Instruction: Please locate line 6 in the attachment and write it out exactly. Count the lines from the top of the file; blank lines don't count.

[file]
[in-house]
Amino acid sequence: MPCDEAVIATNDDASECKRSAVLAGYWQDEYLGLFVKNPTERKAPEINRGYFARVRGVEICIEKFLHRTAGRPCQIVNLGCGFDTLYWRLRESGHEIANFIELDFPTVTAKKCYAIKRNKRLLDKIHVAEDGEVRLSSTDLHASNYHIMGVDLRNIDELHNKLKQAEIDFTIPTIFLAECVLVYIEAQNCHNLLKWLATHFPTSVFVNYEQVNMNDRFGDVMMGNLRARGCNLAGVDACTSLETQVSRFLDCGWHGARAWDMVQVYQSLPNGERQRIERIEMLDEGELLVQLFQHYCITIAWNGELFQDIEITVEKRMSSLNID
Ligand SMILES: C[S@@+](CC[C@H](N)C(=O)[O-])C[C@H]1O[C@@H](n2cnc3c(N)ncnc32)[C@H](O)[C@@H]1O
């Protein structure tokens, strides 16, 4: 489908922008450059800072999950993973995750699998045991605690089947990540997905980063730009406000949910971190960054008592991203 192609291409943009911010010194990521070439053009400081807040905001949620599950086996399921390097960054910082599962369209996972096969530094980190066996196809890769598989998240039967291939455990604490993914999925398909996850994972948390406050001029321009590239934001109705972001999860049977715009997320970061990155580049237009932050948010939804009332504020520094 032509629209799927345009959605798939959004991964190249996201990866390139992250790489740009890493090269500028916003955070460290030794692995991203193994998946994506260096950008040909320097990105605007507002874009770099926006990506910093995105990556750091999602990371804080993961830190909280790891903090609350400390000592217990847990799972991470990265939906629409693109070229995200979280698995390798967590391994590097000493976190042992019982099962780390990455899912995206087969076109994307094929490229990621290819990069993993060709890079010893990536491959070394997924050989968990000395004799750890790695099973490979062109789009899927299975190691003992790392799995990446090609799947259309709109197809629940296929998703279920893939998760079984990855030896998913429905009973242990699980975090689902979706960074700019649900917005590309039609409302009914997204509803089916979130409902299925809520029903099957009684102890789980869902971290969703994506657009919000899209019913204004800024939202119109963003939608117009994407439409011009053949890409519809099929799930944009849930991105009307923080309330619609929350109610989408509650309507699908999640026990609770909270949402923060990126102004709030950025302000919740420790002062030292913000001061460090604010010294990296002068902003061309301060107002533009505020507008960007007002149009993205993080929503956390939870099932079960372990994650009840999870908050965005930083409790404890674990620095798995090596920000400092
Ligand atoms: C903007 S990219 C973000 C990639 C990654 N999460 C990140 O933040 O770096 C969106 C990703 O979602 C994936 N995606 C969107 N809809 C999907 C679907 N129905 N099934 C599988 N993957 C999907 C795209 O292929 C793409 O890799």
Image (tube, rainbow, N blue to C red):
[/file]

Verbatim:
Image (tube, rainbow, N blue to C red):